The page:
1914: UPI Teletype
Did You Know?
Press critic Oswald GarrisonVillard credits United Press with first use of the teletype
UP rejects a bid to swap news with Reuters and instead sets up its own international coverage.
In the United States, UP earns respect for its objective coverage of the Lawrence, Mass., mill strike, with American Magazine saying: "The United Press was true to its responsibility and as a result of its accurate representation of that labor conflict the whole nation was aroused."
In 1912 E.W. Scripps wrote a letter to Roy Howard, then general manager of United Press, telling him in clear terms the circumstances in which he founded the wire service and what he envisioned as its purpose.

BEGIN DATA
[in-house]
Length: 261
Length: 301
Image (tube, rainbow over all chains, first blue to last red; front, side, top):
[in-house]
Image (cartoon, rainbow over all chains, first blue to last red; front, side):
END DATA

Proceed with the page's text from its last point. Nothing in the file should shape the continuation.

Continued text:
Edward Kleinschmidt invents the teletype, which replaces Morse code clickers in delivering news to newspapers. Press critic Oswald GarrisonVillard credits United Press with first use of the teletype.
In Europe, UP's Karl Von Wiegand provides the first reports from the German frontlines in World War I, and obtains an exclusive interview with the German crown prince. UP becomes known for its interviews.
When the Cunard liner Lusitania is torpedoed by a German U-boat and sunk off the Irish coast on May 7, 1915, thousands of people attending the Pan American Exposition in San Francisco get first word of the sinking from a United Press bulletin typed on a giant 14-ton Underwood electric typewriter.
UP completes arrangements to deliver 5,000 words per day by cable to South American newspaper clients. The expanded service begins January1, 1920.